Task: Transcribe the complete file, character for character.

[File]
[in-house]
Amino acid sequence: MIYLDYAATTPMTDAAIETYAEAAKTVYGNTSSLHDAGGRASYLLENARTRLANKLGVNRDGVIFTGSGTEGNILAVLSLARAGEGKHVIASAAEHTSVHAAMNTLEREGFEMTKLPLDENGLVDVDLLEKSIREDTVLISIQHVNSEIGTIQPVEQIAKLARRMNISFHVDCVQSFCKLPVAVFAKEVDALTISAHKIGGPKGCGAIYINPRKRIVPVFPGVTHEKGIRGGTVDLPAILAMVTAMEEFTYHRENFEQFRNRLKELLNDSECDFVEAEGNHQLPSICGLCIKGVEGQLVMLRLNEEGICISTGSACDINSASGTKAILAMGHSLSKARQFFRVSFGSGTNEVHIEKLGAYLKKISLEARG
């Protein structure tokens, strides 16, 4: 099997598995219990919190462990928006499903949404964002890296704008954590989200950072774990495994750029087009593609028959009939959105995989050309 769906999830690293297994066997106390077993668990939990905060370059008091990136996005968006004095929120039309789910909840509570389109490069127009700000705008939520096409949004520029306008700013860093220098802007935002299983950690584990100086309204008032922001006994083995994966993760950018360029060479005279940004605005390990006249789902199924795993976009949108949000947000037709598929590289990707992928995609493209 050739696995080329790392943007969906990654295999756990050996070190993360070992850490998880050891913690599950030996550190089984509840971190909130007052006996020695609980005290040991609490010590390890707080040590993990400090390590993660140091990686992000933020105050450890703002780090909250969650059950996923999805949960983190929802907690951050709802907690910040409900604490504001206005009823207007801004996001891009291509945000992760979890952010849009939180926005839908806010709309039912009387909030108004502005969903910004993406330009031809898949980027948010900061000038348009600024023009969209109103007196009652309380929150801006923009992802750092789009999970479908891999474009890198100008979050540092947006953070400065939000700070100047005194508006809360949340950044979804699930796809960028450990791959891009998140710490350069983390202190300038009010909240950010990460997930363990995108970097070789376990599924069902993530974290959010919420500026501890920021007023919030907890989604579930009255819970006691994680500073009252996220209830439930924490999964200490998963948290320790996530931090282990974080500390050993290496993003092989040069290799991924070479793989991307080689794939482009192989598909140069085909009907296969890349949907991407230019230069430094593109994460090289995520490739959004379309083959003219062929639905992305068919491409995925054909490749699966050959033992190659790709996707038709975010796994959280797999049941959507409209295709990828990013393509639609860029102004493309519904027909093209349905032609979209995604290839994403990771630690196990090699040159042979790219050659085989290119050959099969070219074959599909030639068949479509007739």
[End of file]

[in-house]
Amino acid sequence: MIYLDYAATTPMTDAAIETYAEAAKTVYGNTSSLHDAGGRASYLLENARTRLANKLGVNRDGVIFTGSGTEGNILAVLSLARAGEGKHVIASAAEHTSVHAAMNTLEREGFEMTKLPLDENGLVDVDLLEKSIREDTVLISIQHVNSEIGTIQPVEQIAKLARRMNISFHVDCVQSFCKLPVAVFAKEVDALTISAHKIGGPKGCGAIYINPRKRIVPVFPGVTHEKGIRGGTVDLPAILAMVTAMEEFTYHRENFEQFRNRLKELLNDSECDFVEAEGNHQLPSICGLCIKGVEGQLVMLRLNEEGICISTGSACDINSASGTKAILAMGHSLSKARQFFRVSFGSGTNEVHIEKLGAYLKKISLEARG
């Protein structure tokens, strides 16, 4: 099997598995219990919190462990928006499903949404964002890296704008954590989200950072774990495994750029087009593609028959009939959105995989050309 769906999830690293297994066997106390077993668990939990905060370059008091990136996005968006004095929120039309789910909840509570389109490069127009700000705008939520096409949004520029306008700013860093220098802007935002299983950690584990100086309204008032922001006994083995994966993760950018360029060479005279940004605005390990006249789902199924795993976009949108949000947000037709598929590289990707992928995609493209 050739696995080329790392943007969906990654295999756990050996070190993360070992850490998880050891913690599950030996550190089984509840971190909130007052006996020695609980005290040991609490010590390890707080040590993990400090390590993660140091990686992000933020105050450890703002780090909250969650059950996923999805949960983190929802907690951050709802907690910040409900604490504001206005009823207007801004996001891009291509945000992760979890952010849009939180926005839908806010709309039912009387909030108004502005969903910004993406330009031809898949980027948010900061000038348009600024023009969209109103007196009652309380929150801006923009992802750092789009999970479908891999474009890198100008979050540092947006953070400065939000700070100047005194508006809360949340950044979804699930796809960028450990791959891009998140710490350069983390202190300038009010909240950010990460997930363990995108970097070789376990599924069902993530974290959010919420500026501890920021007023919030907890989604579930009255819970006691994680500073009252996220209830439930924490999964200490998963948290320790996530931090282990974080500390050993290496993003092989040069290799991924070479793989991307080689794939482009192989598909140069085909009907296969890349949907991407230019230069430094593109994460090289995520490739959004379309083959003219062929639905992305068919491409995925054909490749699966050959033992190659790709996707038709975010796994959280797999049941959507409209295709990828990013393509639609860029102004493309519904027909093209349905032609979209995604290839994403990771630690196990090699040159042979790219050659085989290119050959099969070219074959599909030639068949479509007739």